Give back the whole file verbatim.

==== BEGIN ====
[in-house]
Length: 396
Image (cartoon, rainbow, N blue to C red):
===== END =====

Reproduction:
[in-house]
Length: 396
Image (cartoon, rainbow, N blue to C red):